Climate deal to be signed amid 'faster' global progress, Moniz says

The US is on track to meet its goal to reduce carbon emissions 17 percent by 2020. But the global climate deal to be signed Friday is just a start, Energy Secretary Ernest Moniz says. 

Michael Bonfigli/The Christian Science Monitor
US Energy Secretary Ernest Moniz speaks Wednesday April 20 in Washington, in a discussion about climate change policy. The event was hosted by The Christian Science Monitor and sponsored by Arizona State University.

As leaders from around the globe get ready to sign an historic climate agreement in New York this week, US officials say the country is already on track to meet its goal to reduce carbon emissions by 17 percent by 2020. Still, the United States must accelerate to reach its 2025 emissions goals under the deal, Energy Secretary Ernest Moniz said Wednesday.

“Roughly speaking, the pace of reducing our carbon intensity will need to double by 2025 relative to this decade’s pace, so we do need to pick it up,” Dr. Moniz said. “I think there will be many components to that.”

But already, a lot is going well globally, Moniz said at a climate event in Washington hosted by The Christian Science Monitor. He cited the pledges by many nations to reduce emissions under the new agreement, to be signed in New York on Earth Day, Friday.

“This is going a lot faster than many had expected,” Moniz said.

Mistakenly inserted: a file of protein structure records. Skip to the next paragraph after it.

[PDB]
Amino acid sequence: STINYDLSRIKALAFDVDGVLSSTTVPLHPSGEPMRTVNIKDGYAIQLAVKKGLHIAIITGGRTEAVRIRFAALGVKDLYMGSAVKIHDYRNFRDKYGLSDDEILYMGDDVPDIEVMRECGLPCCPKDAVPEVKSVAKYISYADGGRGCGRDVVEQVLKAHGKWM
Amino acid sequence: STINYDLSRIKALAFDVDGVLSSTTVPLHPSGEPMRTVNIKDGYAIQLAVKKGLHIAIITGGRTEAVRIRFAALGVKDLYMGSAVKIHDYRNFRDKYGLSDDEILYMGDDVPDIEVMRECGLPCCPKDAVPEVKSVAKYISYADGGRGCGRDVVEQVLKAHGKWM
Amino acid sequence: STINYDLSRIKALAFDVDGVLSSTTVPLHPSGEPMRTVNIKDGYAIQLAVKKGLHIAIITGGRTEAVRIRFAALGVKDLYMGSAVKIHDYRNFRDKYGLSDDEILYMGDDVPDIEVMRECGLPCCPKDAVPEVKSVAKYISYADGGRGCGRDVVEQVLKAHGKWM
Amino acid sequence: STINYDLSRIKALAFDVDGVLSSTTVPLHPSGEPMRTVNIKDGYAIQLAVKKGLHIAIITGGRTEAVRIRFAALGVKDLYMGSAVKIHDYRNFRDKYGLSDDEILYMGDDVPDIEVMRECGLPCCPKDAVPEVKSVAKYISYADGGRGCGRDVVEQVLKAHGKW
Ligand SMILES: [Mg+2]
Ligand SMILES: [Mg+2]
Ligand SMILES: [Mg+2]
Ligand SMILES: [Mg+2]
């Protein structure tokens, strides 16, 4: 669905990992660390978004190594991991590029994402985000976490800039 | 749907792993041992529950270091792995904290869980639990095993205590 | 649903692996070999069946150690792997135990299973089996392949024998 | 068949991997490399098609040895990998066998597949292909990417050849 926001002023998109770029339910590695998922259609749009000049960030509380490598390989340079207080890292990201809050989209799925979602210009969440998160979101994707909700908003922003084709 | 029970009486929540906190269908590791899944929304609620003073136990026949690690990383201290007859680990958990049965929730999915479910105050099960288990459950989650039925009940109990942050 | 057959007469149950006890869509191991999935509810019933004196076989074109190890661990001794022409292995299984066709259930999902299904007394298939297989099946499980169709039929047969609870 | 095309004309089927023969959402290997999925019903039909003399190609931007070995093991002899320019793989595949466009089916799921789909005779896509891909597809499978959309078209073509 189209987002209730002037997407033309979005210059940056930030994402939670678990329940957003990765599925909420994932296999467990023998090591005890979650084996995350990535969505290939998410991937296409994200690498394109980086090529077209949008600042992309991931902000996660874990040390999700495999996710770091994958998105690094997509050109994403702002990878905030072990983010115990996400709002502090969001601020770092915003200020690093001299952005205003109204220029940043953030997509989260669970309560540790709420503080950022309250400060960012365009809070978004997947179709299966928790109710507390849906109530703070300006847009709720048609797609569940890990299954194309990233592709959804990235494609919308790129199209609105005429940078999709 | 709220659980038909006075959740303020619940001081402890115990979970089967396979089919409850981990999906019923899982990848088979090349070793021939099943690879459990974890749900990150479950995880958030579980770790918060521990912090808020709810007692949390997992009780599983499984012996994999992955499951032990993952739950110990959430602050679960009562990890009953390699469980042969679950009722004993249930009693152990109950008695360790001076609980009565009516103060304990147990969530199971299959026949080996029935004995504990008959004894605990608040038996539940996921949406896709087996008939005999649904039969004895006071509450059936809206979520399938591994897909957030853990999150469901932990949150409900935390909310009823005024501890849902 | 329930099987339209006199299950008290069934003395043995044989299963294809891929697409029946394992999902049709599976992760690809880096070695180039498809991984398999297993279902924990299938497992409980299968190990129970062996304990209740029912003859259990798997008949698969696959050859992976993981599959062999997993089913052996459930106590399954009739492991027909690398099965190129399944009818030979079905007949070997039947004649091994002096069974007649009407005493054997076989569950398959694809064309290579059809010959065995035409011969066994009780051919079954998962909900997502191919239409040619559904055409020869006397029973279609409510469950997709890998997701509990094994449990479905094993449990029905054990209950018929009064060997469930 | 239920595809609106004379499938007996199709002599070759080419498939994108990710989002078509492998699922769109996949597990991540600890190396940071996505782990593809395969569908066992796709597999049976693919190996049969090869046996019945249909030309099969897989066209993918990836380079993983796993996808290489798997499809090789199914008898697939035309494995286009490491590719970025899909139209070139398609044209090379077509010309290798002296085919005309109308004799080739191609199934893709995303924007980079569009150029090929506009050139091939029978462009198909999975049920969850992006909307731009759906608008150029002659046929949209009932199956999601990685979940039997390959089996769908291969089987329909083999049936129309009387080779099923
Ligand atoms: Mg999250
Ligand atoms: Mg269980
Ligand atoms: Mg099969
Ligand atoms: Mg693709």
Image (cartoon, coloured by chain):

It’s just that the pace will need to pick up still further. He voiced optimism that this goal is achievable, saying the legislative and technological building blocks are in place to transition to a low-carbon economy.

One of those building blocks is simply the momentum of investment.

As countries around the world work to meet the carbon emissions reduction targets they agreed to at international climate talks in Paris last December, the market for clean energy technology will continue to grow, energy experts say. Consequently, the price of renewable energy should continue to drop, making it more accessible for developing countries as well as in America.

The price of solar and onshore wind energy and LED lighting has decreased between 40 to 90 percent over the past six or seven years alone, Moniz said at Wednesday’s event, which was sponsored by Arizona State University.

The energy secretary said that, beyond innovation, what’s needed is investment in deploying new technologies and bringing them faster to the marketplace. One example, experts say, could be building more charging stations to help electric vehicles go mainstream.

In the United States, policies that promote energy efficiency standards for appliances, equipment, buildings, and vehicles will be an important part of the country’s efforts to reduce its emissions, Moniz said. Meanwhile, a new round of technological innovation in the realm of nuclear power and carbon capture could also contribute to efforts to reduce the amount of carbon dioxide in the atmosphere.

When asked whether he believes the election of a Republican President could derail the country’s commitment to climate change, the secretary expressed confidence that US leaders will continue to work to reduce carbon emissions in the future.

 

“Ultimately, mother nature will keep speaking to all of us, and public opinion will continue to move in the direction of understanding that we do need a response to climate change,” Moniz said. “I really believe that after the heat of the very partisan divide, we will continue to see solutions that drive us to a low-carbon economy.”